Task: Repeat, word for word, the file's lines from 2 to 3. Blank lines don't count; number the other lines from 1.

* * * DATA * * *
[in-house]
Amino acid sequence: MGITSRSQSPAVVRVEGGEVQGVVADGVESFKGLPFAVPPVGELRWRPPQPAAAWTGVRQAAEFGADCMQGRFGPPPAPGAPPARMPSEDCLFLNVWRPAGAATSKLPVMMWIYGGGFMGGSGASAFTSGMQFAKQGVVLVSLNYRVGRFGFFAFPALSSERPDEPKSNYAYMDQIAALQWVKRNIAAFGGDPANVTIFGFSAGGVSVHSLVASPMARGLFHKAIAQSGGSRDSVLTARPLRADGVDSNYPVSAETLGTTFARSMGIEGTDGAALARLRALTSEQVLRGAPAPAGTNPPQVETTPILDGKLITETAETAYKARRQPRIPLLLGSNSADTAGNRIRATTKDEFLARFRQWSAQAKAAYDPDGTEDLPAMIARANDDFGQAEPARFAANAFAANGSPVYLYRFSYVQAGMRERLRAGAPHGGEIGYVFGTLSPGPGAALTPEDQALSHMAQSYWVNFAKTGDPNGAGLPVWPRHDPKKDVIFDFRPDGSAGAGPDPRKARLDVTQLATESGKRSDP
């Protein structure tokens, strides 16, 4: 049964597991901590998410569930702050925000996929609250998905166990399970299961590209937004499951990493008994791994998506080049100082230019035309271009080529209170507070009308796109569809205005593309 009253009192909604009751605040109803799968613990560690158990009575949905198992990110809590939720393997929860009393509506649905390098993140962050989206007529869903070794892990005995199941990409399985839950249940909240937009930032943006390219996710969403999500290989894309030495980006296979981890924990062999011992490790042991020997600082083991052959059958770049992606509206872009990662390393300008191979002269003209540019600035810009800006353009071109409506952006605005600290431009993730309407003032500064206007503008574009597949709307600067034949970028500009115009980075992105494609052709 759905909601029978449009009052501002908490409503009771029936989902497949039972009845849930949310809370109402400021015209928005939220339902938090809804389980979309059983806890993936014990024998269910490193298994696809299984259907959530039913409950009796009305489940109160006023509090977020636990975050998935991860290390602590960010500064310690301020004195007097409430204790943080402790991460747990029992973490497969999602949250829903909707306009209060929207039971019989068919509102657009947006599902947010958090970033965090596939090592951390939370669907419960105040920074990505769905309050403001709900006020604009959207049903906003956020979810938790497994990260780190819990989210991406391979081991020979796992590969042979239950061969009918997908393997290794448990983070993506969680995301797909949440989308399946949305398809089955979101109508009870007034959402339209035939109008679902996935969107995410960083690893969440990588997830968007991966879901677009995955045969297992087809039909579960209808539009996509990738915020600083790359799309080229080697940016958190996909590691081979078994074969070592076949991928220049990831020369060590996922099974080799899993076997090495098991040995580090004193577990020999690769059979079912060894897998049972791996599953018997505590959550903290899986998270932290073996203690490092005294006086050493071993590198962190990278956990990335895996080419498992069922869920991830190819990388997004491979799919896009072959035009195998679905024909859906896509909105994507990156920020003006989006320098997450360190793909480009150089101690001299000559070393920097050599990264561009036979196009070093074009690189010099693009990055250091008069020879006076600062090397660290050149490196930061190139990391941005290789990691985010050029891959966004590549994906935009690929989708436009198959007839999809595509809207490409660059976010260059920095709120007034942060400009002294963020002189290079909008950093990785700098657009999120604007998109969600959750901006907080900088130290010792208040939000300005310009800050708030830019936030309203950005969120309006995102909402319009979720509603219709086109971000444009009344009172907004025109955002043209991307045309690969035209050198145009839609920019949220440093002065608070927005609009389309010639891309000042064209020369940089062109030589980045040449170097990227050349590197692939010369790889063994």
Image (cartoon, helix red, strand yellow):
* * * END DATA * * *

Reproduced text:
Amino acid sequence: MGITSRSQSPAVVRVEGGEVQGVVADGVESFKGLPFAVPPVGELRWRPPQPAAAWTGVRQAAEFGADCMQGRFGPPPAPGAPPARMPSEDCLFLNVWRPAGAATSKLPVMMWIYGGGFMGGSGASAFTSGMQFAKQGVVLVSLNYRVGRFGFFAFPALSSERPDEPKSNYAYMDQIAALQWVKRNIAAFGGDPANVTIFGFSAGGVSVHSLVASPMARGLFHKAIAQSGGSRDSVLTARPLRADGVDSNYPVSAETLGTTFARSMGIEGTDGAALARLRALTSEQVLRGAPAPAGTNPPQVETTPILDGKLITETAETAYKARRQPRIPLLLGSNSADTAGNRIRATTKDEFLARFRQWSAQAKAAYDPDGTEDLPAMIARANDDFGQAEPARFAANAFAANGSPVYLYRFSYVQAGMRERLRAGAPHGGEIGYVFGTLSPGPGAALTPEDQALSHMAQSYWVNFAKTGDPNGAGLPVWPRHDPKKDVIFDFRPDGSAGAGPDPRKARLDVTQLATESGKRSDP
């Protein structure tokens, strides 16, 4: 049964597991901590998410569930702050925000996929609250998905166990399970299961590209937004499951990493008994791994998506080049100082230019035309271009080529209170507070009308796109569809205005593309 009253009192909604009751605040109803799968613990560690158990009575949905198992990110809590939720393997929860009393509506649905390098993140962050989206007529869903070794892990005995199941990409399985839950249940909240937009930032943006390219996710969403999500290989894309030495980006296979981890924990062999011992490790042991020997600082083991052959059958770049992606509206872009990662390393300008191979002269003209540019600035810009800006353009071109409506952006605005600290431009993730309407003032500064206007503008574009597949709307600067034949970028500009115009980075992105494609052709 759905909601029978449009009052501002908490409503009771029936989902497949039972009845849930949310809370109402400021015209928005939220339902938090809804389980979309059983806890993936014990024998269910490193298994696809299984259907959530039913409950009796009305489940109160006023509090977020636990975050998935991860290390602590960010500064310690301020004195007097409430204790943080402790991460747990029992973490497969999602949250829903909707306009209060929207039971019989068919509102657009947006599902947010958090970033965090596939090592951390939370669907419960105040920074990505769905309050403001709900006020604009959207049903906003956020979810938790497994990260780190819990989210991406391979081991020979796992590969042979239950061969009918997908393997290794448990983070993506969680995301797909949440989308399946949305398809089955979101109508009870007034959402339209035939109008679902996935969107995410960083690893969440990588997830968007991966879901677009995955045969297992087809039909579960209808539009996509990738915020600083790359799309080229080697940016958190996909590691081979078994074969070592076949991928220049990831020369060590996922099974080799899993076997090495098991040995580090004193577990020999690769059979079912060894897998049972791996599953018997505590959550903290899986998270932290073996203690490092005294006086050493071993590198962190990278956990990335895996080419498992069922869920991830190819990388997004491979799919896009072959035009195998679905024909859906896509909105994507990156920020003006989006320098997450360190793909480009150089101690001299000559070393920097050599990264561009036979196009070093074009690189010099693009990055250091008069020879006076600062090397660290050149490196930061190139990391941005290789990691985010050029891959966004590549994906935009690929989708436009198959007839999809595509809207490409660059976010260059920095709120007034942060400009002294963020002189290079909008950093990785700098657009999120604007998109969600959750901006907080900088130290010792208040939000300005310009800050708030830019936030309203950005969120309006995102909402319009979720509603219709086109971000444009009344009172907004025109955002043209991307045309690969035209050198145009839609920019949220440093002065608070927005609009389309010639891309000042064209020369940089062109030589980045040449170097990227050349590197692939010369790889063994």